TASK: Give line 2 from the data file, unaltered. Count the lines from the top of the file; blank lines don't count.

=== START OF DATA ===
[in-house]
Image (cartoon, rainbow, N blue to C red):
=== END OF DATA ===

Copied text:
Image (cartoon, rainbow, N blue to C red):